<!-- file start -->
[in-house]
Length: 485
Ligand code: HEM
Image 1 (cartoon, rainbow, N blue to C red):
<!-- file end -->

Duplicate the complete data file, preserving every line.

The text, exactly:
[in-house]
Length: 485
Ligand code: HEM
Image 1 (cartoon, rainbow, N blue to C red):